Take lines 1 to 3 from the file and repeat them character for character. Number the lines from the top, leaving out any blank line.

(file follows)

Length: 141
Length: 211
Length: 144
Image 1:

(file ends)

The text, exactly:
Length: 141
Length: 211
Length: 144